- Current Height: 1-2 feet
- Mature Height: 35 – 60 feet
- Growth Rate: Slow to medium (under 12” to 24” per year)
- Light: Full sun to part shade
- Soil: Dry to medium
- Deer Resistant: Yes
- One or two for fruit: Usually two
- Landscape uses: Ornamental landscape tree that produces an edible fruit; also well suited for parks and naturalized areas
- Fun fact: The wood is used for golf-club heads and furniture veneer, and it is one of the easiest trees to identify in winter because of the way its thick, dark gray bark breaks into rectangles.
- Photo: Creative Commons
Persimmon, American--Coming Soon
Pollinator value: Very High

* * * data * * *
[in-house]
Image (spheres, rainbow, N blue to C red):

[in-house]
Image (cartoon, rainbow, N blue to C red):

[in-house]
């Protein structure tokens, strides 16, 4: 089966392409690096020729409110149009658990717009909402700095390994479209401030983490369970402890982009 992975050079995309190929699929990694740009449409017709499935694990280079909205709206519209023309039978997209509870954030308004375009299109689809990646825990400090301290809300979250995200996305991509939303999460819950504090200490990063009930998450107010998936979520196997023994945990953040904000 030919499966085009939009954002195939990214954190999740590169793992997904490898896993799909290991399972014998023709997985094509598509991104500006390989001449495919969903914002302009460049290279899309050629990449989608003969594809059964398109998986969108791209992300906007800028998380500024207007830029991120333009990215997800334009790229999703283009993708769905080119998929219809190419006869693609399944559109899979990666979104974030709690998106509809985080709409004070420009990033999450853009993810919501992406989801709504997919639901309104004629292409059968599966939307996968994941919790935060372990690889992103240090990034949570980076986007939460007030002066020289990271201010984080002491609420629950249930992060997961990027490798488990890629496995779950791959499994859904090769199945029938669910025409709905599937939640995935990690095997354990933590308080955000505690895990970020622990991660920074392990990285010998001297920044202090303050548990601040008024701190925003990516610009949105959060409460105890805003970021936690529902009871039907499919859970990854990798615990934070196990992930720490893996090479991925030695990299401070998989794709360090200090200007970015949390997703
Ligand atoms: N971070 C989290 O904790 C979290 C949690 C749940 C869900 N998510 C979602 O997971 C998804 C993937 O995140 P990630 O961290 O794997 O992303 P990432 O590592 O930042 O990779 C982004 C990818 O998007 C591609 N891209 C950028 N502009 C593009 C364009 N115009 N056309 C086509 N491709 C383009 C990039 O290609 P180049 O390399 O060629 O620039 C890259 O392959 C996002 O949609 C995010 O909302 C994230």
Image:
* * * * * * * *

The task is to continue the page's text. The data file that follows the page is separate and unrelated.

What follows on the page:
Special value to native bees; larval host for the Luna moth and Hickory Horned Devil, which is among the largest of the native caterpillars -- about the size of a hot dog (Featured Creatures, University of Florida Entomology & Nematology)
The persimmon's edible fruit, about the size of a quarter, is deliciously sweet and often compared to the flavor of dates. It can be eaten raw or made into cakes and drinks. Fragrant, white to greenish-yellow flowers bloom in late spring. The persimmon's leaves turn yellow-green in the fall, and the trunk becomes deeply grooved as the tree matures.